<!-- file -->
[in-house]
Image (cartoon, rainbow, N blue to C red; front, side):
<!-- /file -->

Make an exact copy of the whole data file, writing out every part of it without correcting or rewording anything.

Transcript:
[in-house]
Image (cartoon, rainbow, N blue to C red; front, side):